Sending messages to the broker independent on whether the data is needed or not, has an interesting conclusion: there should be no pure subscribers, as every subscriber should also send back at least some of the data it processed.

This strategy diverges from conventional IT practices, where the production of data for a message broker or an event-driven architecture usually hinges on the existence of a consumer.

Our initial thoughts, formulated before the concept of the Unified Namespace gained widespread recognition, centers on the fact that establishing connections and extracting data on the shop floor is a time-consuming process. Therefore, our initial step involves sending all accessible data during the configuration of the producer or the protocol converter into the message broker. Once this data reaches the message broker, we can more easily determine which data points to retain, whether down sampling is necessary, and so forth. It's likely that many professionals working with Unified Namespace employ a similar approach, often instinctively, without much discussion.

This method is feasible because the volume of data from OT systems is generally minimal compared to the capacity of contemporary IT applications. Consequently, these applications are typically indifferent to whether they receive a few hundred data points per second or as many as 30,000.

Part of this approach also entails that any application which extracts data must also contribute its processed data back into the system. This results in significant time-saving when expanding existing use-cases. Because all the data is already there, available in a simple, standardized and easy to access format, adding a couple of data points to the dashboard, or setting up an AI model, becomes a thing of a couple hours.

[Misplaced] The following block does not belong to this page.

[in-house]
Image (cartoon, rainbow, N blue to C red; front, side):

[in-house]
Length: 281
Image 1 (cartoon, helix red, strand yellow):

Some refer to this as "democratizing data", which you might know when you work at a larger enterprise and struggle to sometimes get very few data points.

Component 4: Stream Processing / Data Contextualization

Adding a new technology component "data contextualization", "stream processing" or "IIoT platform" to standardize and structure data within the Unified Namespace

So far, our discussion on technology has been centered mainly around a message broker and certain rules (like topic hierarchy, schema, and what to publish). However, there is another key technological component crucial to a Unified Namespace, which we refer to as Stream Processing or Data Contextualization. These steps can be done either in smaller tools or inside of an larger IIoT platform.

The core function of this component is to properly place data into the Unified Namespace. This means ensuring data fits into the correct topic hierarchy and conforms to established message schemas.